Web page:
Races don’t always go as planned, and this was one of those races. So, this race report recaps the Scotiabank Toronto Waterfront Half Marathon and not the Full. I planned to run the full marathon and was doing well until an issue with my Achilles in August forced me to take time off and keep my mileage low. I never made it past the 25-kilometer mark while training. I thought of trying to cram in a few long runs before race day and worked out a couple of different scenarios in my mind. I knew it wasn’t the best idea, but if you’re a runner who’s ever been injured, I’m sure you can relate.
Fortunately, I have friends who aren’t afraid of telling me how it is. My friend Mike pointed out that I could go and run the full, injure myself, and then be out for even longer – maybe months, because Achilles injuries are slow to heal. No matter how much I disliked hearing that, I knew he was right. Dropping down to the half was a better decision than running the full and risking injury. Fortunately, Canada Running Series was understanding about not running a distance I hadn’t properly trained for, and allowed me to switch to the half.
Race weekend started off with a visit to the expo on Friday afternoon to pick up my bib. I wanted to get there early to make sure there was a spot in the half marathon available for me. Switching race distances was pretty easy; I just traded my full bib for a half bib. I was sad, but there’s always next year! Although I didn’t have much time to spend at the expo, it seemed bigger than in previous years. Lots of vendors and booths to explore, and on my way out I ran into Bill from the Night Terrors Run Club! Yay for familiar faces!
Friday evening, Canada Running Series hosted a dinner for the digital champions and community leaders. I chatted with some of the Canada Running Series staffers about organizing a race the size of the Scotiabank Toronto Waterfront Marathon. With more than 20,000 participants, it was interesting to hear about how many volunteers are involved, how early staff are required to be on-site race morning, and the work that goes on after the runners have finished – lots of action “behind the scenes” so that everything goes smoothly on race day. I thought the dinner was a nice way to relax and to chat with everyone about their plans and goals on Sunday.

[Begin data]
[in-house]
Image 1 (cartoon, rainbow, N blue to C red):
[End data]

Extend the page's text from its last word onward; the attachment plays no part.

The forecast was calling for a chilly Sunday morning – the temperature at the start turned out to be around 3C (37F). I was stressed over what to wear – shorts and a t-shirt or tights and a long sleeved shirt? You’d think this was my first race or my first cold-weather run. Nope, I was just being indecisive and I didn’t like the thought of being cold! I finally settled on a t-shirt with arm warmers, shorts and a jacket, just in case.
As indecisive as I was being, I also hadn’t figured out how I wanted to run the race. I’d been training to run a 4:30 marathon (10:17 min/mile pace) but started having stomach issues Friday night and hadn’t been eating much. Running a cold race on a nearly empty gas tank was going to be a challenging experience, to say the least. I figured if I could run at least a 2:15 I would be happy.
The last time I had run the Scotiabank Half Marathon was back in 2010 and the course has changed since then. This year’s race started at University Avenue and Queen Street West. We then headed north on University to Bloor Street, ran west on Bloor then turned south onto Bathurst Street. The section on Bathurst was a slight downhill and it felt really fast. Before I knew it, we were on Fort York Blvd, and then headed west on Lakeshore Road until we hit the turnaround at Ellis Avenue. At this point, we were more than halfway done. The final kilometer north on Bay Street to the finish was tough! It was a slight uphill but there were tons spectators lined along the street cheering us on!
For the most part the run felt pretty good! The half marathon route had a good mix of city streets and also took the runners close to Lake Ontario. It was well marked so you always knew where you were going. The course was fairly wide open from the beginning and there was always plenty of room to run the pace I wanted. There were more spectators out than I expected, and I was even surprised to see people cheering along the Spadina Road overpass. I finished in 2:07:02 (9:41 min/mile), which was much better than I anticipated given my stomach issues.
At the finish chute, there were lots of volunteers handing out medals and space blankets and the only issue I encountered was on the walk to the finish area. I thought it was the number of runners finishing but it was actually the spectators who had crowded the exit. There was only enough space for two or three people to come out at a time and it was causing a backlog of runners out to Bay Street. It took me more than 10 minutes to get to the food tent after receiving my medal – most of which I spent standing still or walking very slowly. It wasn’t an ideal way to finish a race especially with the cold temperatures and the fact that runners need to keep moving after a race as part of their cool-down routine.
While I initially had regrets about switching race distances, I surprised myself by running faster than expected without doing much speed work. While my finish time of 2:07:02 wasn’t a personal best, it made me think that with some work over the winter, I would have much better results for the half distance next year.
Aside from the finish-area issues, I thoroughly enjoyed the Scotiabank Half Marathon. From the volunteers, to the porta-potties, the course signage, and the well-stocked water stations, everything was well organized. Thank-you Canada Running Series and Scotiabank for hosting such a well-organized race! I hope to return next year to run the full, and I hope to see you there as well!